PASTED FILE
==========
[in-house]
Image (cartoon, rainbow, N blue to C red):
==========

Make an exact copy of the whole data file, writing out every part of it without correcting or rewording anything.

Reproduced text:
[in-house]
Image (cartoon, rainbow, N blue to C red):